An unexpected encounter with a Goldcrest on a local park, I watched as it came down to a pool covered on duckweed and rubbish in a local park, looked around and had a long bath, with I partly captured on video. I love the head on look of a Goldcrest, with their eyes looking like stick on jet buttons surrounded by a pale ring giving it a quizzical look.
A quick pencil sketch of a male Pied Wagtail on a wall.
A quick pencil sketch on my sketch book (not a digital one for a change) of a Tawny Owl. Last night at about 4:20, I heard a single lear hoot from the lime tree just outside my window, the first one of the year. In the early months of the year the owls become more noticeable by the hooting of the males and the response of females ‘kweek!’ as they establish territories and start nesting.
In mid November in a local park, I had the chance of watching a Mistle Thrush guarding a patch of small rowans laden with berries. The thrush would rattle to fend off a couple of blackbirds that dare land on its tree. Every time it called its rattling call, it would lean forward and flash its tail and wings, displaying its white underneath. It worked! After a while, it settled amidst its bright red bounty. When set to sketch the bird, I was thinking of one of my favourite wildlife artists, the late and inimitable John Busby, who could convey behaviour with a few pencil lines and watercolour washes, and who illustrated the book Birds and Berries by Barbara and David Snow.
As they are unpredictable in their appearance, it is such a thrill to see Waxwings. Today I watched a small flock as they fed on the last berries of a line of rowans by a busy road in the middle of the city, and try to drink from a little puddle, the only available liquid water as it was a frosty morning. They seem to always be in a rush, and at some point the flock became agitated, flew to the top of a tree and off they went in search of more berries. The whole experience was just about ten minutes, and my photos weren’t that good so I was encouraged to draw one in the same posture of the first one we spotted. Watercolour, ink and pencil on Wacom tablet.
In a recent trip to my hometown in Spain I visited my childhood park a few times. I spent many hours birdwatching there in my teenage years, before the arrival of the Collared Dove, now extremely common. In my last visit, I watched a Firecrest feeding atop the pine trees: hovering briefly in front of bunches of pine needles in search of minuscule insects and spiders. I drew the bird with its little crest erect, face on, to highlight how colourful they look in comparison with Goldcrests, the black eye stripe flanked by white highlighting its dark eyes. Watercolour, inkpen and pencil on wacom tablet.
The other day, while I was in a meeting at work two Grey Herons passed over my building. Flying Grey Herons are impressive birds, their wingspan reaches up to 1.75 m, and their massive wings are curved downwards. They look front-heavy as they keep their head tucked between their wings and legs spread back. A pencil sketch on the Wacom tablet.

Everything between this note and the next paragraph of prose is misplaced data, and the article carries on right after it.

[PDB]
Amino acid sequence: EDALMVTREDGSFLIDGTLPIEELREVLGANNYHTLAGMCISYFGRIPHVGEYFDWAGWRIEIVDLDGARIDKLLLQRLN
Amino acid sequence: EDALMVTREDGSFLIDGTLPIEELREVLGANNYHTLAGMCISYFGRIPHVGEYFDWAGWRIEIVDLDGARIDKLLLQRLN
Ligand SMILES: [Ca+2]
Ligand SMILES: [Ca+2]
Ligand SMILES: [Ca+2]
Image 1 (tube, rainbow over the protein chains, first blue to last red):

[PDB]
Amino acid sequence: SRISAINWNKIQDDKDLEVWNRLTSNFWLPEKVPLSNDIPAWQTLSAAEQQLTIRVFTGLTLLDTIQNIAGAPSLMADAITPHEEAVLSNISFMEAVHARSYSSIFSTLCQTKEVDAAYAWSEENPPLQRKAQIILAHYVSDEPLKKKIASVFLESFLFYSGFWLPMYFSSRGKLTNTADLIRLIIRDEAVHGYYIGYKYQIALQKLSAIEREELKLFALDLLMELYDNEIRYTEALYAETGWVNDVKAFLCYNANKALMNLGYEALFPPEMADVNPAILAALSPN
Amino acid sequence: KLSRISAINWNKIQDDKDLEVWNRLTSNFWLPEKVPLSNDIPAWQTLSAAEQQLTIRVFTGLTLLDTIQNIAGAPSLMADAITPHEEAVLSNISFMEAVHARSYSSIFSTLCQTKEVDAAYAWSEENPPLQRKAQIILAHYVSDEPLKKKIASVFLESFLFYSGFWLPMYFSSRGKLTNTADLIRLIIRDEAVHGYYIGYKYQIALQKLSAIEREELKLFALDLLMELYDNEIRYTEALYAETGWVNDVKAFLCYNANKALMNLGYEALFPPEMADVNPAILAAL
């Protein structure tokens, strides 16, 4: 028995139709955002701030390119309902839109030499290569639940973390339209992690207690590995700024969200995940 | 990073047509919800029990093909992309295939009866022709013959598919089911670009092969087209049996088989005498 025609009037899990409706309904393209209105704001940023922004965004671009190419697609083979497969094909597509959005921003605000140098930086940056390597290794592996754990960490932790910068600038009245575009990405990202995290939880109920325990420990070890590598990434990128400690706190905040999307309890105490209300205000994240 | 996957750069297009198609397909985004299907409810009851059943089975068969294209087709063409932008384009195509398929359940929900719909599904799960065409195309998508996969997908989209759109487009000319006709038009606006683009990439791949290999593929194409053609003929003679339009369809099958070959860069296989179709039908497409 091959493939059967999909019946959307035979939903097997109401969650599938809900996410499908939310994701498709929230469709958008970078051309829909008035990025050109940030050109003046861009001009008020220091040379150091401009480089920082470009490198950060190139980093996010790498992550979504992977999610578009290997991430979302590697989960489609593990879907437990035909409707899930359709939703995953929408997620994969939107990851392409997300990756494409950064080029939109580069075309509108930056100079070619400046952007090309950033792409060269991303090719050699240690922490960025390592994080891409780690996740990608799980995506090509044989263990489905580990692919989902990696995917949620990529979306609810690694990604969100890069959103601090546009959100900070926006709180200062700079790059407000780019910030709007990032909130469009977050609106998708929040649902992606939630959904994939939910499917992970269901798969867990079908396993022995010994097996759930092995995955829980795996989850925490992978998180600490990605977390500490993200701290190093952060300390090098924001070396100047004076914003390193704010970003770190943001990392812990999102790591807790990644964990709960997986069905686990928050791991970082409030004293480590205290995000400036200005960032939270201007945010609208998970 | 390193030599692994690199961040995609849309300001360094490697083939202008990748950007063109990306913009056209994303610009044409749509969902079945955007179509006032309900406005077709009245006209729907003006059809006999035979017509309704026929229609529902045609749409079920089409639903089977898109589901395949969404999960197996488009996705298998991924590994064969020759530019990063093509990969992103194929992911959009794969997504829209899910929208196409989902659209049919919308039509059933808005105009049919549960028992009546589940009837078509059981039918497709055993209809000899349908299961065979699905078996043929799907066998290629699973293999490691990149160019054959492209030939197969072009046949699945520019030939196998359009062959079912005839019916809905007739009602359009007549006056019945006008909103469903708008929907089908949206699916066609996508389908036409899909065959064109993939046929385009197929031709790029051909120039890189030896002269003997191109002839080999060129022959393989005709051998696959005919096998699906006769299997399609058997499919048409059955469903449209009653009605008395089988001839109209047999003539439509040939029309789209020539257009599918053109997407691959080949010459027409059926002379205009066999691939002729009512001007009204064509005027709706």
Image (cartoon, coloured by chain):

There was a nervous drake Shoveler today on a local urban fishing lake. The low sun made its beautiful breeding plumage almost glow, with the green iridescence of its head and rump very visible. Shovelers are quite small ducks, which feed on tiny aquatic invertebrates, zooplankton. They get these animals from the water with their oversized, shovel-like bill, which contains a filtering device looking a bit like a fine comb. A relatively quick sketch with pencil and watercolour on the tablet.
This seems to be a good year for Goldcrests, I have been coming across them almost every day the last couple of weeks. Yesterday, on a walk in my local park I found a flock of five feeding on the bare branches of a sycamore. They often hang from branches, looking for invertebrates in the small cracks on the bark. One left, calling, and the others one after another followed suit. I am starting to be happier with the results of my drawing tablet now, and I am quite pleased with this little beauty.
A group of Goosanders, known as Common Mergansers in North America, winter in East Park regularly. The drakes have a unique pale plumage, with orange and pinkish hues, that appears to glow, and makes them distinctive from a long distance. Drakes can change the shape of their dark iridescent green head noticeably fluffing up their feathers: when flattened they have an almost cormorant-like profile, but when fluffed up, their head bulges at the front and at the back, with a prominent bun. As they start to pair up and display at this time of year, with ritualised head shaking and drinking, and speed chases making they look like little motor boats, they are a fascinating wintering species to watch in our local area. A pencil and ink pen sketch.